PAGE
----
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Friday, 22 December, 2000, 18:05 GMT
Accra march against multiple murders
march in Accra
Relatives of victims were among the protesters
By Kwaku Sakyi-Addo in Accra

Hundreds of people in the Ghanaian capital, Accra, have marched to within a hundred metres of the seat of the Presidency, The Castle, to protest at the unsolved killings of women in the city.

Wearing red and black mourning clothes, the protesters sat on the road leading up to the well-fortified Castle gates.


The women who've been killed ... have a right to police protection

Human rights activist.
They sang funeral dirges and carried placards some of which read: "Behind every human rights abuse is a coward","Women are not rats" and "President Rawlings, speak up."

At least 31 women have been killed in Accra in the past three years under mysterious circumstances, and police suspect it may be the work of a serial killer or killers.

Four women have been killed in as many weeks, the most recent of which occured on Monday. The police have failed to find any culprits.

Theories

Most of the victims were strangled, naked and left lying supine, and in some instances had syringe marks on their arms, according to police.

There are suspicions too that the purpose of the killings may be occultic; others say it is a group of wild and depraved men on the loose.

Among the protesters was a woman whose sister was one of the victims. She said her sister had left behind five young children.

There was a heavy security presence at the Castle.

A delegation of five, led by Professors Kwame Karikari and Akua Kuenyehia, both of the University of Ghana, sent in a petition and expected to meet President Jerry Rawlings.

Resignation call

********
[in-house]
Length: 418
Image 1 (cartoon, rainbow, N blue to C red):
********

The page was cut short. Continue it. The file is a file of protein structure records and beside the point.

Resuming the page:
They met his chief of staff Nana Ato Dadzie instead whom the marchers refused to listen to when he came out to address them. "We want the President! We want the President!" they chanted.

John Kufuor
Presidential candidate John Kufuor made the killings an election issue
In their petition, they demanded the resignation of the Inspector-General of Police, Peter Nanfuri, and a show of commitment from the Rawlings administration.

They lashed out at senior police personnel, including the police chief, who have warned women to stay away from the streets at night.

One police superintendent told BBC: "We've been telling them not to go out at night but we still see them after midnight standing in corners. I think they're prostitutes and they're not listening to us."

"That's complete rubbish," said Vicky Okine, a human rights activist. "The women who've been killed aren't harlots and, in any case, they also have a right to police protection."

Political issue

With just a few days left to the Presidential election run-off, the governing National Democratic Congress (NDC) is wary that the protest may have been orchestrated by the opposition to win votes.

"The women who've been killed are our wives and sisters too and this matter shouldn't be politicised for cheap political gain," said Chief of Staff Dadzie pointing to an opposition MP among the protesters.

Indeed, the main opposition New Patriotic Party (NPP) issued a statement earlier this week saying that there were suspicions that "some big men are behind the killings".

Police chief Nanfuri refused to comment when asked about this at a press conference on Tuesday.

"Sisters Keepers," a coalition of women's groups which organised the march, said they wanted public safety to be put to be top of the political agenda.

Now it is. But the long-term solutions to insecurity on Accra's streets may take a while yet.

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19 Dec 00 | Africa
Ghana: Women killer strikes again
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